Charu continued - now at this point they have a set of non-blocked users and a set of blocked users, and some activities of the 20,000 most active of each. As the team previously reported to Patrick, there was a massive spike in blocks in 2017-18 due to user Procseebot (a bot account for a human editor) which is blocking a lot of proxy users and only proxy users. Procseebot is a large percentage of all English Wikipedia blocks - perhaps 30-40%.

Charu reported trends - 92% of all blocked users are active in the week prior to their block. 10% are active 2 weeks prior to their block, and the percentage goes down to ~4% 8 weeks before their block. This is significant because by matching this temporal data to the activity data, that greatly reduces the amount of data which the analysis might have to consider. Other models seek to check all behavior, but if we can instead have evidence that checking only the past 1 week is useful, then checks become easier.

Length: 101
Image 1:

Sameer described the data reduction process. They look at the last week of comment history and the past 5 comments. This is the text corpus, with the assumption that something happening here might indicate cause for a block.

Charu described the analysis model. One is text based, using natural language processing (NLP), and the other is considering activity patterns, like edit count in a period of time. For example, if a user is mostly dormant, but then has an activity spike, then they that information paired with other information could correlate with a block.

Sameer showed a table of their analysis model attempts. They started with models which had about 60% accuracy to predict blocks on the historical data. Over time and with a total of 15 attempts with different models, they found a model with 95% success in predicting which user accounts should have a block. These later models incorporated more data and did more tests. The final model performed word n-gram, character n-gram, sentiment, username char n-gram, LDA, and temporal user activity. Note that this is analysis of those 20k blocked and 20k non-blocked. With more data and more analysis the analysis could be refined.